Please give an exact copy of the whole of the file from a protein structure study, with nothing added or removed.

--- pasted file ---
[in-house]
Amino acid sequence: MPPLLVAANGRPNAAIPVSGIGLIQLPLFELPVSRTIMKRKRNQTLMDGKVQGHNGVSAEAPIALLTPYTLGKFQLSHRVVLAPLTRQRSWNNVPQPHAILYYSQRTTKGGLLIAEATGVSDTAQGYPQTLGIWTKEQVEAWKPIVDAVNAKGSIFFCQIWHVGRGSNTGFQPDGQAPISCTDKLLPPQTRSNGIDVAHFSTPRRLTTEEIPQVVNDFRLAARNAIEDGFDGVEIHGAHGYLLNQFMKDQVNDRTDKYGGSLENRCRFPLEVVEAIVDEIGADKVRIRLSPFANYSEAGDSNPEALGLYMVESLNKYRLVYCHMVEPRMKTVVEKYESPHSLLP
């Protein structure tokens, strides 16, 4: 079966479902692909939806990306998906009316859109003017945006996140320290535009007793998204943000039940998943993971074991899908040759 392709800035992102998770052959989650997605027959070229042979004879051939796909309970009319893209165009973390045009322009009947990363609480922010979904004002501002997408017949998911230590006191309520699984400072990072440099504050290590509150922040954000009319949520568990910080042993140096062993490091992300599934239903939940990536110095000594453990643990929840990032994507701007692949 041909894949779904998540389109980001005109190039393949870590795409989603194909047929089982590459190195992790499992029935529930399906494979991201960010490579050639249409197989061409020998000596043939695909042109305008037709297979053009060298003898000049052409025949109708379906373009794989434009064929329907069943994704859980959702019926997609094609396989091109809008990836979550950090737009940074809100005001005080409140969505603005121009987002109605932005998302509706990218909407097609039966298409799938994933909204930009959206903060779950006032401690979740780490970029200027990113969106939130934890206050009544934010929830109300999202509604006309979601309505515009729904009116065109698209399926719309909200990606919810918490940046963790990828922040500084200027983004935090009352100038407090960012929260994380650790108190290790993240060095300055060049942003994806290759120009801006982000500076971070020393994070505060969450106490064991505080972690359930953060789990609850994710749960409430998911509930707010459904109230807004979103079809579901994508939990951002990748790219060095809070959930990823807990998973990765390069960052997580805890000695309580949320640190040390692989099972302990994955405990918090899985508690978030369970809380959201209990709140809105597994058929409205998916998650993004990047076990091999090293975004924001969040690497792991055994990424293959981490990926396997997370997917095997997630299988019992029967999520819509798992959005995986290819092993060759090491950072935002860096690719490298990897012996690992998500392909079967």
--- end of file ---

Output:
[in-house]
Amino acid sequence: MPPLLVAANGRPNAAIPVSGIGLIQLPLFELPVSRTIMKRKRNQTLMDGKVQGHNGVSAEAPIALLTPYTLGKFQLSHRVVLAPLTRQRSWNNVPQPHAILYYSQRTTKGGLLIAEATGVSDTAQGYPQTLGIWTKEQVEAWKPIVDAVNAKGSIFFCQIWHVGRGSNTGFQPDGQAPISCTDKLLPPQTRSNGIDVAHFSTPRRLTTEEIPQVVNDFRLAARNAIEDGFDGVEIHGAHGYLLNQFMKDQVNDRTDKYGGSLENRCRFPLEVVEAIVDEIGADKVRIRLSPFANYSEAGDSNPEALGLYMVESLNKYRLVYCHMVEPRMKTVVEKYESPHSLLP
């Protein structure tokens, strides 16, 4: 079966479902692909939806990306998906009316859109003017945006996140320290535009007793998204943000039940998943993971074991899908040759 392709800035992102998770052959989650997605027959070229042979004879051939796909309970009319893209165009973390045009322009009947990363609480922010979904004002501002997408017949998911230590006191309520699984400072990072440099504050290590509150922040954000009319949520568990910080042993140096062993490091992300599934239903939940990536110095000594453990643990929840990032994507701007692949 041909894949779904998540389109980001005109190039393949870590795409989603194909047929089982590459190195992790499992029935529930399906494979991201960010490579050639249409197989061409020998000596043939695909042109305008037709297979053009060298003898000049052409025949109708379906373009794989434009064929329907069943994704859980959702019926997609094609396989091109809008990836979550950090737009940074809100005001005080409140969505603005121009987002109605932005998302509706990218909407097609039966298409799938994933909204930009959206903060779950006032401690979740780490970029200027990113969106939130934890206050009544934010929830109300999202509604006309979601309505515009729904009116065109698209399926719309909200990606919810918490940046963790990828922040500084200027983004935090009352100038407090960012929260994380650790108190290790993240060095300055060049942003994806290759120009801006982000500076971070020393994070505060969450106490064991505080972690359930953060789990609850994710749960409430998911509930707010459904109230807004979103079809579901994508939990951002990748790219060095809070959930990823807990998973990765390069960052997580805890000695309580949320640190040390692989099972302990994955405990918090899985508690978030369970809380959201209990709140809105597994058929409205998916998650993004990047076990091999090293975004924001969040690497792991055994990424293959981490990926396997997370997917095997997630299988019992029967999520819509798992959005995986290819092993060759090491950072935002860096690719490298990897012996690992998500392909079967």